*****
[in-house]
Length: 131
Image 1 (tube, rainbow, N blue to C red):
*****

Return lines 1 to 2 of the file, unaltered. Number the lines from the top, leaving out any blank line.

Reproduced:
[in-house]
Length: 131